On December 7, 2021, the U.S. Surgeon General Dr. Vivek Murthy issued a statement urging a swift response to the mental health crisis among our nation’s youth that has been made much worse by the stressors of the COVID-19 pandemic. Highlights of the newly released Protecting Youth Mental Health: The U.S. Surgeon General’s Advisory will be found below.
The Surgeon General stated that “Mental health challenges in children, adolescents, and young adults are real and widespread. Even before the pandemic, an alarming number of young people struggled with feelings of helplessness, depression, and thoughts of suicide — and rates have increased over the past decade.” Surgeon General Murthy spoke of the alterations to the experiences of children, adolescents, and young adults in their home, school, and community environments and the importance of working together during the dual pandemic and mental health crisis.
Leading up to the COVID-19 pandemic, “ up to 1 in 5 children ages 3 to 17 in the U.S. having a mental, emotional, developmental, or behavioral disorder. Additionally, from 2009 to 2019, the share of high school students who reported persistent feelings of sadness or hopelessness increased by 40%, to more than 1 in 3 students. Suicidal behaviors among high school students also increased during the decade preceding COVID, with 19% seriously considering attempting suicide, a 36% increase from 2009 to 2019, and about 16% having made a suicide plan in the prior year, a 44% increase from 2009 to 2019. Between 2007 and 2018, suicide rates among youth ages 10-24 in the U.S. increased by 57%, – PDF and early estimates show more than 6,600 suicide deaths – PDF among this age group in 2020.” (HHS Press Office press release, December 7, 2021)
Many factors can shape the mental health of young people at the individual, family, community, environment, and societal levels. From social and economic inequalities, access to healthy food, relationships with peers, teachers, mentors, and parents, to the individual characteristics children are born with, mental health and well-being is everyone’s concern. The issues cannot be addressed unless all sectors of influence are part of the solution. The recommendations for supporting the mental health of children, adolescents, and young adults contained in the advisory include the following segments of society all stepping up to the plate:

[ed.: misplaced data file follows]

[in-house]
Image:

- Young people themselves
- Family members and caregivers
- Educators, school staff, and school districts
- Health care organizations and health professionals
- Media organizations, entertainment companies, and journalists
- Social media, video gaming, and other technology companies
- Community organizations
- Funders and foundations
- Federal, state, local, and tribal governments
Within the Surgeon General’s Advisory there are recommendations for those in each segment or sector to learn about the risk factors contributing to youth mental health symptoms, to learn to recognize groups that are at increased risk of mental health challenges, and to act. According to the Advisory, and to paraphrase, we must all:
- “Recognize that mental health is an essential part of overall health;
- Empower youth and their families to recognize, manage, and learn from difficult emotions;
- Ensure that every child has access to high-quality, affordable, and culturally competent mental
- health care;
- Support the mental health of children and youth in educational, community, and childcare
- Address the economic and social barriers that contribute to poor mental health for young
- people, families, and caregivers;
- And increase timely data collection and research to identify and respond to youth mental health
- needs more rapidly” (Protecting youth mental health – hhs.gov 2021).
The Advisory contains detailed strategies for each sector and lists of resources to assist them by acting. Although there is a solid research base, there is also the acknowledgement that additional research is needed and some of the most pressing topics for future research are identified.
The Surgeon General concludes the Advisory by stating that the changes that need to be made will require time and effort as well as structural changes and addressing stigma log associated with mental health issues. But the result will be a “more comprehensive, more fulfilling, and more inclusive vision of what constitutes public health” (Protecting youth mental health – hhs.gov 2021).
Additional Resources may be found in the CASAT OnDemand Resources & Downloads section.